Anita Garvin always told how she did her bit during a break on an Charley Chase film. The production dates suggests she was doing Never The Dames Shall Meet with Charley Chase at that time. Interestingly enough, both films had the same production time (apart from some retakes for Battle... on November 27-29): October 5th to 13th. Anita's scene is at the end of the film, lasts 21 seconds and she has no interaction with any other actor during it. She simply walks along, slips on a pie, gets up and walks off shaking her leg and that's it!
Sam Lufkin refereed the boxing bout between Stan Laurel and Noah Young. He would later repeat the role when Stan Laurel defeated Walter Long in Any Old Port.
The title card uses the exact same template as the previously-released Laurel & Hardy film, Putting Pants On Philip though I am not confident that the cards are authentic.
The winning purse for the boxing match is $100. The loser receives $5. According to Ollie, that is a difference of $1500.
Canvasback Clump really is the most useless boxer in the history of the sport, isn't he?
The banana skin which ultimately starts the pie-throwing war is actually discarded by the policeman, who kicks the skin to the side of the street - where Charlie Hall slips on it.
The first pie 'thrown' is by Charlie Hall who stuffs one right into Hardy's face after Stan blows a raspberry at him behind his back. It's this act which leads to the all-out riot!
When Bob O'Conor (the photographer) gets his pie you can see the hand throwing it at the right side of the screen!
The first 21 pies thrown:
-Pie 1 is shoved into Hardy's face by Charlie Hall.
-Pie 2 is thrown by Hardy at Hall, but hits Dorothy Coburn's backside instead as she is getting into her car.
-Pie 3 is thrown by Hardy at Hall, but hits Dorothy Coburn's face instead as she turns around.
-Pie 4 is thrown by Coburn at Hardy, but hits Jack O'Brien as he is having his shoes shined.
-Pie 5 is thrown by O'Brien at Hall, but it hits Laurel in the face.
-Pie 6 is thrown by Hall at O'Brien.
-Pies 7-11 are all thrown by Stan, Dorothy, Charlie, Jack and Ollie at the insurance salesman simultaneously, all scoring direct hits.
-Pie 12 is thrown by Dorothy at the Mayor.
-Pie 13 is thrown by the Mayor at an innocent bystander.
-Pie 14 is thrown by the bystander at the Mayor.
-Pie 15 is thrown by the Mayor at the bystander but it misses and hits a woman beating her rug.
-Pie 16 is thrown by the woman at a second bystander who tries to intervene. (he actually deserves it!)
-Pie 17 is thrown by the second bystander at the woman.
-Pie 18 is thrown by the woman at the second bystander but it misses and hits a man sitting in a dentist's chair with his mouth wide open.
-Pie 19 is thrown by Charlie Hall at a third bystander who has wandered into the thick of it.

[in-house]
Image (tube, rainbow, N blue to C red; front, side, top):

-Pie 20 is thrown by the third bystander at a fourth bystander who didn't even say a word.
-Pie 21 is thrown by the fourth bystander at a fifth bystander who is laughing at him.
Then all hell breaks loose!
My opinion
A classic film made all the more special to Laurel and Hardy fans because of the almost-complete footage being discovered in 2015. The famous pie fight dominates the second reel of the film with nobody being spared a face-splatting. A year later Laurel and Hardy would do almost the same thing on a golf course in "Should Married Men Go Home?" - substituting pies for mud!

Stan Laurel
Canvasback Clump
Oliver Hardy
Charlie Hall
Boxing announcer/
Pie delivery man
Noah Young
Thunderclap Callahan
Dorothy Coburn
Pie victim
Anita Garvin
Woman who slips on pie
George B. French
Dick Gilbert
Sewer worker
Al Hallett
Pie victim
Sam Lufkin
Boxing referee
Gene Morgan
Ring announcer
Eugene Pallette
Insurance agent
Lyle Tayo
Woman at window
Dick Sutherland
Dental patient
Ellinor Vanderveer
Lady in car
Jack O'Brien
Shoeshine patron
Steve Murphy
Callahan's second
Wilson Benge
Wilkie C. Mahoney
Bakery clerk
Edgar Dearing
"Gimme a pie"
Budd Fine
Policeman who slips on banana skin
Chester Bachman
Policeman at end of film
Lou Costello
Ringside spectator
Jack Hill
Ringside spectator
Ham Kinsey
Ringside spectator
Ed Brandenburg
Warring pedestrian
Pete Gordon
Barber who falls in trashcan
Bob O'Conor
Hayes Robertson
Shoe shine man
Bob Minford
Stan's cornerman
Jack Lloyd
Irish biddy
Jack Adams
Man posing for photograph
Arthur Mund
Monte Collins
Jack Herrick
Jim Farley


CREDITS (click image to enlarge) INTERTITLES (click image to enlarge)

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Tom Schober (help)
Peter Mikkelsen (help and information)
Jorge Finkielman (lobby card)
Ed Watz (still)
Jim Dallape (Back Lot tour shots)
Jesse Brisson (identification of several cast)
Randy Skretvedt (information on Arthur Mund)
Steve Rydzewski (identification of Jack Lloyd and Jack Adams; additional cast information)

This page was last updated on: 01 April 2022